Laura just barely ducked in time to miss the biscuit Joel flung at Tom at the dinner table. She couldn’t believe it. For an eight-year-old, Joel had a strong arm! The biscuit landed right on Tom’s jaw and sent him tipping back in his chair. If Laura hadn’t been sitting next to him, she wouldn’t have been able to straighten his chair in time, thereby stopping him from falling to the floor. Who knew what mess he would have made if his feet had hit the table?
“Joel!” Mrs. Larson gasped as she bolted to her feet. “What is the meaning of this?”
“He was looking at me funny,” Joel said, pointing to Tom, who was rubbing his jaw and moaning in pain.
With a groan, Sally glared at her little brother. “You threw food at him because he gave you a funny look?”
“He does it on purpose,” Joel argued, crossing his arms. “He sits over there for every meal and looks at me as if I have something stuck between my teeth.”
Laura glanced from Joel to Tom. The two sat on opposite sides of the table and diagonally from each other. Sally had told her that their parents had chosen this particular arrangement because it meant the two couldn’t kick each other under the table or touch each other. But it seemed no matter where they placed them, the two brothers still found a way to get in trouble.
Mrs. Larson looked at Mr. Larson, silently begging him to help.
Mr. Larson placed his napkin on the table and gave both boys a pointed look. “If you can’t sit at the table and eat the meal in peace, you can go to bed hungry. Now, are you going to finish the rest of this dinner in peace, or are you done?”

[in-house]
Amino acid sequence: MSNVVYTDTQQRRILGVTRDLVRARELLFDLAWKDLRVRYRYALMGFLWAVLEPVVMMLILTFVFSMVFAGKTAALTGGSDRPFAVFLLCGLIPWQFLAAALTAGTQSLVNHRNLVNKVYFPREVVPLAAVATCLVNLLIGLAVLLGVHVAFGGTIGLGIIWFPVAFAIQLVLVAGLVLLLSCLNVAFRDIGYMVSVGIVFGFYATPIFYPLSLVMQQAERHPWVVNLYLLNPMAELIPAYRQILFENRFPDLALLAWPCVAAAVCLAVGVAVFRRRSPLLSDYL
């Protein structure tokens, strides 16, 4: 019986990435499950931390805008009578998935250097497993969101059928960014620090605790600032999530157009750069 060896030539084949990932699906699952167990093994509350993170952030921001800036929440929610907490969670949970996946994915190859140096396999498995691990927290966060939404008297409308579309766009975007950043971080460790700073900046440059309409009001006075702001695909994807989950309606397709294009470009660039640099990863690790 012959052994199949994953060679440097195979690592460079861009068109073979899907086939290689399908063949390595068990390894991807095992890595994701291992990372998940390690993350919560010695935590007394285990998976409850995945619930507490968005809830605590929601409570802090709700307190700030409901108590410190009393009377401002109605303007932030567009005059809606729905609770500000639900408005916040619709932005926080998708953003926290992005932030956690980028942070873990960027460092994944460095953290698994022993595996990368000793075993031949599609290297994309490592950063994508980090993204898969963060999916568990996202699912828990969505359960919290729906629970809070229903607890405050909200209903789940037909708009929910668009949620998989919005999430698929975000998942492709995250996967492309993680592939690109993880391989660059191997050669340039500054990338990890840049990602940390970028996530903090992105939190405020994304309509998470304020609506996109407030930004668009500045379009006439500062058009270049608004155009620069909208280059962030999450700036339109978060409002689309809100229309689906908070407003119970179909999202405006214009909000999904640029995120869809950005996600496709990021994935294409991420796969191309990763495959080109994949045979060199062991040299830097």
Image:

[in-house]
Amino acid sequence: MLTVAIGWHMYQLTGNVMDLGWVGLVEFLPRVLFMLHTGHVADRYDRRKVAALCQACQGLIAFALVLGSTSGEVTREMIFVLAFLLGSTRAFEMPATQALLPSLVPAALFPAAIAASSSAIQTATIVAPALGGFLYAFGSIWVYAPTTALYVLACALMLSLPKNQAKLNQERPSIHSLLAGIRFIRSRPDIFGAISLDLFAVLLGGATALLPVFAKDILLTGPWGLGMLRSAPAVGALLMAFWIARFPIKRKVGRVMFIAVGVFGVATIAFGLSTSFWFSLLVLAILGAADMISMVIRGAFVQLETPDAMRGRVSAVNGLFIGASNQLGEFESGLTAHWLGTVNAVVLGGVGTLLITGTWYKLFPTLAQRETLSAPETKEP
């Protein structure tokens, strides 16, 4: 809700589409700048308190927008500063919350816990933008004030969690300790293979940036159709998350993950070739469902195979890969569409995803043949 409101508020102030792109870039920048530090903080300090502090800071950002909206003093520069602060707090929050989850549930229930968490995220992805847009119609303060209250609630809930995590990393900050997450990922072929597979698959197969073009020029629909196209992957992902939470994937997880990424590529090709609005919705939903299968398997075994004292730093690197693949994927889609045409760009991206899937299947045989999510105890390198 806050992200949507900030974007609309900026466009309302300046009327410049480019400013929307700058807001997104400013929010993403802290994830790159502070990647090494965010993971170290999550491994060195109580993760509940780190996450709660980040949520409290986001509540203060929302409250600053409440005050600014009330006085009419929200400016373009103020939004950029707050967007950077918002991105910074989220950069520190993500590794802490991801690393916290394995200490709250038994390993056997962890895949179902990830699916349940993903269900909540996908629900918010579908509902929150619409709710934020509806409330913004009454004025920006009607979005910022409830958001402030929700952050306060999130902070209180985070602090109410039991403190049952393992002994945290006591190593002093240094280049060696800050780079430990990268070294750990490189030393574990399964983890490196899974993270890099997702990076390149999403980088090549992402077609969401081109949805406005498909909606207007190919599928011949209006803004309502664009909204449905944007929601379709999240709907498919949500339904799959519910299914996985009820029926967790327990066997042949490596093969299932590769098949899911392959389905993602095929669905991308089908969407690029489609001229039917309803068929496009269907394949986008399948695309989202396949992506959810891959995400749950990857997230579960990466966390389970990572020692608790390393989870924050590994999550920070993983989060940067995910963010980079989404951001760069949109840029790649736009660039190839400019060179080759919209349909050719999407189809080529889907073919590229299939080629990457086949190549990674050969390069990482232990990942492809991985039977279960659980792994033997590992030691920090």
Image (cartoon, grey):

“He started it,” Joel said.
“Did not,” Tom replied indignantly.
“Did, too,” Joel argued.
“I didn’t ask who started it,” Mr. Larson intervened. “I don’t care who did what or when. All I care about is stopping this right now.”
After a moment, both boys relented and turned back to their meals.
The above is what I pretty much go through every night when I’m having dinner with my family, and I decided to capture this ongoing drama in The Marriage Agreement.
Two, in particular, are notorious for doing and saying anything and everything to antagonize the other. These are my 10 and 12 year olds. I’d say the 12-year-old is more like Joel, and the 10-year-old is more like Tom. The oldest (now 13) pretty much stays out of the whole thing, which is similar to Dave. The 11-year-old likes to point out who is causing all the trouble, but he has a bit of Joel in him because he’ll kick different people under the table and blame it on one of his brothers.
And do you think a warning works with these kids? Well, let’s see how this scene from The Marriage Agreement continues….
Sally shook her head. “We’re sorry you had to witness this, Laura. Brothers are the worst. And you’d think since Tom’s sixteen, he’d know better.”
“Whoa,” Dave, the thirteen-year-old, piped up. “I did nothing to get in trouble.”
Sally’s eyebrows rose in a way that meant to challenge him. “You’re just as bad as Tom and Joel. I’ve heard you competing with them in your burping and farting contests.”
Eleven-year-old Jenny gagged. “I’m trying to eat.”
Sally smiled as if Jenny had just proven her point. “See? Jenny is disgusted by it because she’s a girl. I swear, boys have no redeeming value at all. Sometimes I think I’d be better off living my life as a spinster. Who needs all this to deal with for the rest of her life?”
Mrs. Larson waved her fork at Sally. “It seems to me you were prettying yourself up last Sunday in hopes Jimmy would notice you at church.”